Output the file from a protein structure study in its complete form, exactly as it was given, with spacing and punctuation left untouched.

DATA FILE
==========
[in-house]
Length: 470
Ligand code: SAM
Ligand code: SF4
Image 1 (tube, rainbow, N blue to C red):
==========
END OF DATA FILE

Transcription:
[in-house]
Length: 470
Ligand code: SAM
Ligand code: SF4
Image 1 (tube, rainbow, N blue to C red):